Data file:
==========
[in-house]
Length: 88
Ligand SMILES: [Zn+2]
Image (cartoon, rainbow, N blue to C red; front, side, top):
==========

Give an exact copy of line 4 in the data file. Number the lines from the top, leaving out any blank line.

Image (cartoon, rainbow, N blue to C red; front, side, top):